Some teams make grade, others are struggling
It's the middle of the high school football season, and time for the midseason report cards.
The envelopes, please.
With seven starters returning on both offense and defense, everyone knew the Indians were going to put another tough team on the field.
The big question mark was quarterback, and senior Adam Hazel has answered the call.
Bigger, stronger and far more comfortable in coach Thurman Bell's veer offense than when he first showed up at Roseburg in the summer of 2000 after transferring from LaSalle High, the 6-foot-4, 190-pound Hazel gets a little better each game.
In the past two weeks, he's completed 21-of-30 passes for 360 yards , five touchdowns and just one interception.
The Indians lead the Southern Oregon Conference in rushing at 242 yards per game. When opposing defenses load up to stop the run, Hazel makes them pay with play-action passes to 6-8, 245-pound tight end Joe Newton - who has three TD catches the past two games - or wide receivers Cory Whitman and Blair Brundige.
Hazel lacks the quickness Bell covets in an option quarterback, but the coach fills the need by bringing 5-9, 160-pound junior Asa Yraguen off the bench. Yraguen has three touchdown runs of 50 yards or more to his credit and is averaging a staggering 13.7 yards per carry.
The Indians, who are ranked second in the Class 4A state poll, also boast of a big offensive line anchored by 315-pound Willie Kingry, and their front seven on defense make them very difficult to run against.
Bell expects to get tested by No. 9-ranked South Medford Friday at Spiegelberg Stadium and the following week at home against No. 8 Grants Pass. But after beating two other highly-ranked foes (Sheldon and North Medford), the Indians appear destined for a serious run at a fifth state championship under Bell.
South Medford: A-
The Panthers are out of the gate at 5-0 - their best start in seven years - but their schedule has been rather soft, so it's difficult to determine how good they truly are.
The acid test comes Friday night when they face off against Roseburg.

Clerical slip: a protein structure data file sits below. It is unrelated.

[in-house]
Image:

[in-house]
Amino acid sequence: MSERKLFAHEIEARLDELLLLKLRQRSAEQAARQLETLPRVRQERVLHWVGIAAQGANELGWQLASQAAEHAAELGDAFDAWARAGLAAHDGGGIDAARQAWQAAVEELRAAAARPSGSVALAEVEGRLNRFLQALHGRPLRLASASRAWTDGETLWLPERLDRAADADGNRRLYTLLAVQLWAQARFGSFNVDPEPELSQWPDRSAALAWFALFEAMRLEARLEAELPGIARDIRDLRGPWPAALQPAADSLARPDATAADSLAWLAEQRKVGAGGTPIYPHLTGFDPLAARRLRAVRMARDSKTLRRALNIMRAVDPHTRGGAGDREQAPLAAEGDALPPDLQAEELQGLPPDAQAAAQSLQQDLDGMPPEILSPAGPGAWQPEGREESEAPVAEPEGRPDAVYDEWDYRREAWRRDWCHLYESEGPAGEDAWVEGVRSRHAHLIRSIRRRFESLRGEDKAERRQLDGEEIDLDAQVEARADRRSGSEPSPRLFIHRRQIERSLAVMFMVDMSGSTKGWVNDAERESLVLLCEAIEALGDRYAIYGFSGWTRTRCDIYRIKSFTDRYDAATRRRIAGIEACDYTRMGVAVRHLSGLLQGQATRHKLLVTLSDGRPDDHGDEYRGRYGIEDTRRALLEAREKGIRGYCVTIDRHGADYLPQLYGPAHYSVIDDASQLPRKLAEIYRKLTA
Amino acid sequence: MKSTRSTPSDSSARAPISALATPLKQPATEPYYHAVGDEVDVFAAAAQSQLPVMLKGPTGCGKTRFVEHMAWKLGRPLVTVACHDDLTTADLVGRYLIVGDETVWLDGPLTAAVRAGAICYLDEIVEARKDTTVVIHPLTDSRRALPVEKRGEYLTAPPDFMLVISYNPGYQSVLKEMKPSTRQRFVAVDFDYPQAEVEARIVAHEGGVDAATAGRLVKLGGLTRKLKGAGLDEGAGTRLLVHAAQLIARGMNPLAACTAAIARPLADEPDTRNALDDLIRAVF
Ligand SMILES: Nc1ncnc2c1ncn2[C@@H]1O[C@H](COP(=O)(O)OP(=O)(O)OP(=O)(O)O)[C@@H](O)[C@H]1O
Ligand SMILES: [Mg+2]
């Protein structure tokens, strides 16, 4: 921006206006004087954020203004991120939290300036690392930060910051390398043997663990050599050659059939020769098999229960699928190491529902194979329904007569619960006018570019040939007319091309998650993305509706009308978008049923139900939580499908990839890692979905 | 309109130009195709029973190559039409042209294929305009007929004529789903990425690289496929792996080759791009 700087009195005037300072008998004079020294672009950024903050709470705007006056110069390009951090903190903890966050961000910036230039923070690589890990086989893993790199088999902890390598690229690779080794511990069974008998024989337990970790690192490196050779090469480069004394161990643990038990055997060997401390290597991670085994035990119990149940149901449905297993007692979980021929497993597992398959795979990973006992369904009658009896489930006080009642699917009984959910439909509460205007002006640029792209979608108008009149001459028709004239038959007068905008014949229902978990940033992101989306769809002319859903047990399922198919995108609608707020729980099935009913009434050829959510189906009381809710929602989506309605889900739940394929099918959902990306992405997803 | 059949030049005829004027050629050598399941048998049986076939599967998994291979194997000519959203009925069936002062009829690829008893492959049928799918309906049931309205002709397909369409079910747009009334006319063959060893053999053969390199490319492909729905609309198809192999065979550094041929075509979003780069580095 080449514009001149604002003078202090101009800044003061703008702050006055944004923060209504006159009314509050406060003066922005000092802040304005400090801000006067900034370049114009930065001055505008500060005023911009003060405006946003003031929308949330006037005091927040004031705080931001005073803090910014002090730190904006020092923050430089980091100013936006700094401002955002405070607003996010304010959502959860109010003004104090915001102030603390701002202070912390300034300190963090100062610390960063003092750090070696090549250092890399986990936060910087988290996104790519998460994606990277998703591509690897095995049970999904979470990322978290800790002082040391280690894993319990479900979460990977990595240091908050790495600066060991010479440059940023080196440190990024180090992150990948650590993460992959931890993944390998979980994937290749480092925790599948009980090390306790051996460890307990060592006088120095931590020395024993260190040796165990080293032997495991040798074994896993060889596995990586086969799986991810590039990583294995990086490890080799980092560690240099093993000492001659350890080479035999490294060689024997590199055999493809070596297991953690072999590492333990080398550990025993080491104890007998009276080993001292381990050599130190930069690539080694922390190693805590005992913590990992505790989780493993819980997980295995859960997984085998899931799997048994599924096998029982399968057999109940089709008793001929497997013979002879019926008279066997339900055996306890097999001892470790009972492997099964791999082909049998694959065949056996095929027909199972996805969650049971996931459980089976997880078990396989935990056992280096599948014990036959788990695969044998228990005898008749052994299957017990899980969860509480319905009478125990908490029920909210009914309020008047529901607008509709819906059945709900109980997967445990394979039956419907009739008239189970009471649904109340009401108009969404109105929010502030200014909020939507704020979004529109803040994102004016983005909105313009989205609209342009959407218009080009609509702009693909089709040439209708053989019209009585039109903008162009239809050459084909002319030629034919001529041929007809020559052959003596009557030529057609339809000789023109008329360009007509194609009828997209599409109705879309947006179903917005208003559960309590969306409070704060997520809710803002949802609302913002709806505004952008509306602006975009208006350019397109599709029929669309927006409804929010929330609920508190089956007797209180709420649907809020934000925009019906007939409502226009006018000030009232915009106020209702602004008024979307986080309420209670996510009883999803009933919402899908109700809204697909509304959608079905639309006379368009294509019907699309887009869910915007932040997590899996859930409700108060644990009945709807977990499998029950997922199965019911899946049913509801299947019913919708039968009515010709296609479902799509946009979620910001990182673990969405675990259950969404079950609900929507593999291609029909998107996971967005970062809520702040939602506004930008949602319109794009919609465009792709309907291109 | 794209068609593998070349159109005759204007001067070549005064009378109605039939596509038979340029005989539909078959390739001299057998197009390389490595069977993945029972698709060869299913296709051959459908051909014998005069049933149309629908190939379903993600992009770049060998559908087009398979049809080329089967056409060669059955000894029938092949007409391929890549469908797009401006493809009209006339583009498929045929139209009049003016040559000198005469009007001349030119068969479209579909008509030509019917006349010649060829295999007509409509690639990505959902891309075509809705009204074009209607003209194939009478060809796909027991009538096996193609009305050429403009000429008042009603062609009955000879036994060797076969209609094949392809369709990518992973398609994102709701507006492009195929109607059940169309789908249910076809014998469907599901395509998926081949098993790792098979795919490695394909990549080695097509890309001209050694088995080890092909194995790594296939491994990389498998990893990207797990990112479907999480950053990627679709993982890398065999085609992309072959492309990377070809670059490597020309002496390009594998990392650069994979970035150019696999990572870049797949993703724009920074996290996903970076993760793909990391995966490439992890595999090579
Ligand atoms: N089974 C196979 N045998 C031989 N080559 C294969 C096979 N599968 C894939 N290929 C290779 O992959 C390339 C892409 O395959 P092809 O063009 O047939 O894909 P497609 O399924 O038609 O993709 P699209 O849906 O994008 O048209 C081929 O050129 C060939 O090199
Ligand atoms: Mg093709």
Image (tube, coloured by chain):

It's clear, however, that South has its best team since 1992 when it went 9-3 and advanced to the state quarterfinals.
The Panthers look a little vulnerable on defense, but they possess the most explosive offense in the SOC and their top three skill players -quarterback Boomer Marshall, tailback Andres Reed and wide receiver Ryan Heil - are among the best in the state at their positions.
Marshall has thrown for 1,209 yards, 15 touchdowns and just two interceptions - decent numbers for an entire season. He's also completes 68 percent of his passes, many of which have gone downfield for big gains.
Reed leads the SOC in rushing with 729 yards and eight touchdowns, while Heil paces the SOC in receiving with 23 catches, 553 yards and 11 scores.
What makes Heil's numbers especially impressive is that he didn't play football as a sophomore or junior.
"What he's doing blows my mind," says South Medford coach Bill Singler, who was an all-state receiver at Medford High in 1970. "It makes you wonder what he'd be doing had he played football all along."
South Medford has two other superb receivers in Ryan Benson and Eric Fischer, giving the Panthers the top skill position players in the SOC.
But as good as the Panthers have been on offense, their defense has shown some cracks. Crater piled up 387 yards on them last Friday, and most of it came against the South Medford starters.
Grants Pass: A-
The Cavemen have been a bit of a surprise, not so much because they're unbeaten after five games but because their offense is more productive than anticipated.
Most of the credit goes to senior quarterback Tom Cohen, who is the No. 2-ranked passer in the SOC with 778 yards, 10 touchdowns and just one interception.